“I tell you it is nothing but lice, rats, shells & bullets.”
That is how Alexander McLeod of Niagara Falls summed up life in a frontline trench during the First World War – the most destructive conflict the modern world had ever seen. The description was in a letter to his father written from France on December 16, 1916.
Canada, in support of Britain, played a major role in that terrible struggle, which saw a relatively new military tactic come into prominence – trench warfare. The trenches snaked across a drab and desolate countryside for nearly 1,000 kilometres along France’s border with Germany and the Flanders area of Belgium.
The Canadians, and others who were part of the Allied effort, led an existence of incredible misery and danger in those trenches. They stood against the wet clay walls staring through steel-protected slits in sandbags. What they saw, beyond the twisted barbwire barrier, was a dreary landscape rightly called “no man’s land” – there was no sign of life.
Yet, 200 or so metres away beyond more rusting barbwire coils, the Germans were staring back from their trenches.
In Alexander’s letter, which was published in The Niagara Falls Review on January 9, 1917, he described the conditions in his trench: “Talk about mud, yes, a creamy mud up to your waist and standing in it from 4 p.m. till the following morning and so very dark you cannot see your own barbwire entanglement.
“We look for tobacco coming as all our troubles go up in smoke. It’s about the only comfort we have in a wet trench. We have quite a time with the large rats that are always with us. We place a piece of cheese on the end of a bayonet and when the rat approaches we pull the trigger and goodbye rat.”
There’s a possibility Alexander McLeod knew (or knew of) another Niagara Falls resident who, while not taking part in the actual fighting, was, nevertheless, making an important and rather unique contribution to the war effort. Her name was Elizabeth (Pearson) Lundy. A widow, Elizabeth lived in the old Lundy homestead, a landmark residence (since demolished) on Lundy’s Lane, near Montrose Road.
Elizabeth was clever, energetic and very patriotic. She was also a skilled knitter. Accordingly, when, during the fall of 1914, the Canadian Red Cross publicized our soldiers’ need for woolen socks, Elizabeth realized that was a way she could help the war effort in Europe.
So it was, at the age of 87, she took up her knitting needles and over the next four years their clicking echoed through the old house many hours each day.
Word of her contribution quickly spread and soldiers based in training camps such as Niagara Camp in Niagara-on-the-Lake often came to her door asking Elizabeth to knit them a pair of her wonderful socks. She also received many letters of thanks from soldiers fighting in Europe.
By the time the war ended in November 1918, Elizabeth had knit over 400 pairs of woolen socks for Canadian soldiers and had become known as the “grandmother of the Canadian Army.”
Elizabeth Lundy outlasted the war by only a few months. She died in June 1919.
It is difficult to believe that men, like Alexander McLeod, who were in the midst of the horrors of war, enduring appalling conditions while never knowing from one day to the next if they would see another sunrise, could create something to laugh at.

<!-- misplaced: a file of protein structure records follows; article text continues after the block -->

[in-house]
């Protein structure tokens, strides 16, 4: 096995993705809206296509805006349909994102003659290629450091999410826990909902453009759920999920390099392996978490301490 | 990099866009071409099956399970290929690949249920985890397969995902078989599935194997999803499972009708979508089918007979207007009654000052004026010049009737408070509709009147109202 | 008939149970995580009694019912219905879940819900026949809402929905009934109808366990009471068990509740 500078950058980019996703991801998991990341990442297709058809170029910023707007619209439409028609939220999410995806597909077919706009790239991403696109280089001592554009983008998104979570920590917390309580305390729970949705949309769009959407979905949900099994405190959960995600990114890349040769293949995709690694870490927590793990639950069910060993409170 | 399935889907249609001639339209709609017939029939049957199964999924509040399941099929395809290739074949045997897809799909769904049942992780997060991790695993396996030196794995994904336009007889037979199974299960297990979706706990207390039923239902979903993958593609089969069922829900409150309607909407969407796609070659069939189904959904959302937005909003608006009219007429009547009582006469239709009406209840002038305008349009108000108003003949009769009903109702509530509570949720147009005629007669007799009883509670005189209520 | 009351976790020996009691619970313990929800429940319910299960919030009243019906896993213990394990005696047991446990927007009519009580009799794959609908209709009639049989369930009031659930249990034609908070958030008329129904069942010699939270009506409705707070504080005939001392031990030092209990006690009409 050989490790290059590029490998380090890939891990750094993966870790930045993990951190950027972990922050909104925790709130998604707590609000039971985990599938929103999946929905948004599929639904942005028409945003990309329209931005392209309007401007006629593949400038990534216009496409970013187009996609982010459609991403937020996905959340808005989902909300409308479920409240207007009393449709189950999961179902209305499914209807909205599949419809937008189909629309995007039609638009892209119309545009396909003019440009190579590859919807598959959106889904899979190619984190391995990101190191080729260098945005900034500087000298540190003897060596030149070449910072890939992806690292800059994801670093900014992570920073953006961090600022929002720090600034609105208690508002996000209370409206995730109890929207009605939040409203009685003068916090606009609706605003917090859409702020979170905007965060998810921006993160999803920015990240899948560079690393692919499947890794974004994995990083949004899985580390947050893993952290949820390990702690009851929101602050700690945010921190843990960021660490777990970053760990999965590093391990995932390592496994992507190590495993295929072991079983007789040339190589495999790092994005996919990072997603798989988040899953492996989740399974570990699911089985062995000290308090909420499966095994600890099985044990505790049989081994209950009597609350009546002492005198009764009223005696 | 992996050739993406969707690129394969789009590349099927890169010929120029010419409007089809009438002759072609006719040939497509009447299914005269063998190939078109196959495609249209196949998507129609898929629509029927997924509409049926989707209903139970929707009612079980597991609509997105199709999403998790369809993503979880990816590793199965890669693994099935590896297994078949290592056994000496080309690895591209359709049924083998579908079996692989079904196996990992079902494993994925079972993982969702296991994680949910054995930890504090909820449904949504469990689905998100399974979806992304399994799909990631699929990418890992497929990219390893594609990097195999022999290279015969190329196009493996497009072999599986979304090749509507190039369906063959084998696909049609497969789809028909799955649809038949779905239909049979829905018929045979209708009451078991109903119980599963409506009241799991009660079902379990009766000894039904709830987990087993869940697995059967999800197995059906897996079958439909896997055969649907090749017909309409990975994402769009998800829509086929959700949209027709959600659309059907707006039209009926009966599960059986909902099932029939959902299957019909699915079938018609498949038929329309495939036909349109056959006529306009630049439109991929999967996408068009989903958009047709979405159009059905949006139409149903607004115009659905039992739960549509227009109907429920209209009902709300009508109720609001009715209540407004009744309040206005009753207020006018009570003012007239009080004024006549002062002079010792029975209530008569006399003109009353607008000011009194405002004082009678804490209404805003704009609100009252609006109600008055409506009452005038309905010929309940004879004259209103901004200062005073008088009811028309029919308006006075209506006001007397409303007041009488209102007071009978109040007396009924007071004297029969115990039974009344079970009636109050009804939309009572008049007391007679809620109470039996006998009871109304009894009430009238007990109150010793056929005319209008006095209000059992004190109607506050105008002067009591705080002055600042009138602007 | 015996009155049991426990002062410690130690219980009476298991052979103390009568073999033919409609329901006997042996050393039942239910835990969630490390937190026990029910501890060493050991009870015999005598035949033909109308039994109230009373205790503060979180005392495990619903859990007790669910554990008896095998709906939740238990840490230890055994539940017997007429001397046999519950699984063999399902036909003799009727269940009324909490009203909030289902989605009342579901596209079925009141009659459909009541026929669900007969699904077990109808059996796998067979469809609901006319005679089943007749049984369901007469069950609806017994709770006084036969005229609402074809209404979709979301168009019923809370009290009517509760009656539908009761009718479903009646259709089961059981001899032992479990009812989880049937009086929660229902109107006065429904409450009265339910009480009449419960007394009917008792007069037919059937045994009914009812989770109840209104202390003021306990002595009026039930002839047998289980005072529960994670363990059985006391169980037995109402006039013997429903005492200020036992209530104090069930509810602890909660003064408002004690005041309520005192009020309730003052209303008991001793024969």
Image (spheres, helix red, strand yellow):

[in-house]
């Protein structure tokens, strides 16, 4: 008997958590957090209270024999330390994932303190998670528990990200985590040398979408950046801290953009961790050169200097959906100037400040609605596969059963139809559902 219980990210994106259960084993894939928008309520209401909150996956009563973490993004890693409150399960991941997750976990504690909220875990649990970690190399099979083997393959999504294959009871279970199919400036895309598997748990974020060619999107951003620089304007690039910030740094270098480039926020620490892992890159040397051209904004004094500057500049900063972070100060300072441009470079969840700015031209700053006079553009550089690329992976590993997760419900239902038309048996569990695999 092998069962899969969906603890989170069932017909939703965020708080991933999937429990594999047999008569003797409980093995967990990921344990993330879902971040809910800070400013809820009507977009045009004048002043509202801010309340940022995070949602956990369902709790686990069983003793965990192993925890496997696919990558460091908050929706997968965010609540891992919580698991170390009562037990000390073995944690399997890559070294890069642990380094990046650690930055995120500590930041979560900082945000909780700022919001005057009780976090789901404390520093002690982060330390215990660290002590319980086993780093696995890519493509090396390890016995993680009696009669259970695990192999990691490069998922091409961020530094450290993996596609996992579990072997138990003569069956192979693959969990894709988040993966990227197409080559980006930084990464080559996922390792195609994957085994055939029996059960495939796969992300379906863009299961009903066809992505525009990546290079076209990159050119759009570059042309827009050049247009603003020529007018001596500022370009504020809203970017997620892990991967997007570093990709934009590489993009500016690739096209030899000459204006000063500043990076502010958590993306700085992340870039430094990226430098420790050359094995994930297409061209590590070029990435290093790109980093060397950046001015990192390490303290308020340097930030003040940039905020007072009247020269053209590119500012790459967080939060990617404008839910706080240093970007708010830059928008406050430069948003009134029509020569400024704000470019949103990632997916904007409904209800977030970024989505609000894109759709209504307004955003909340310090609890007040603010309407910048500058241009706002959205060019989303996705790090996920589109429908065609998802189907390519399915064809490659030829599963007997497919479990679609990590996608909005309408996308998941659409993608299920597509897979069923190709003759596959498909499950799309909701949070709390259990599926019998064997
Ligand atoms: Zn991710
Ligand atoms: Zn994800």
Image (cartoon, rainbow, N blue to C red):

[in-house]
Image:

Yet, it was during this war that a new form of entertainment developed that focused on the soldier bogged down in the trenches. It was entertainment for troops written and performed by soldiers themselves – soldiers who realized the importance of having some comic relief for men who were constantly living under severe tension.
The first such performers were members of the Canadian Forces. Capt. Merton Plunkett organized the company from frontline soldiers at Villiers Aux Bois, France, in August 1917. Named the Dumbells after the 3rd Division’s insignia, a red dumbell, it was a group destined to make Canadian show business history.
Using improvised props and stage sets, they performed by candlelight and gas-can spotlights. The shows featured skits about army life and popular songs.
Deciding his troop needed costumes, Capt. Plunkett wrote to a theatrical company in London. Among the costumes he received were several gowns. Dumbells Ross Hamilton and Alan Murray decided to wear the gowns as part of a performance. They were such a tremendous hit with the other soldiers that having one or more men dressed as girls became a standard and popular feature of all the Dumbells’ shows.
Following the war, other former army performers joined the Dumbells, which was then reorganized as a civilian act, still managed by Capt. Plunkett. Between 1919 and 1932, the Dumbells made 12 highly successful cross-Canada tours as a vaudeville revue. During those years, there were several appearances in Niagara, one of which was on September 14, 1927, when the troop appeared at the Queen Theatre (later known as the Capitol) in downtown Niagara Falls.
In an account of the show published the following day, The Niagara Falls Review noted: “The Queen Theatre was filled to capacity last night to hear the Dumbells. The revue was of the usual high Dumbell standard….great jollity ran all through the revue and the audience was kept very much on the alert by the quips and antics of the actors.”
The Dumbells became a happy legacy of what had otherwise been a stupendous tragedy for the world.
Alexander McLeod was one of the many victims of that tragedy. He never saw his Niagara home again.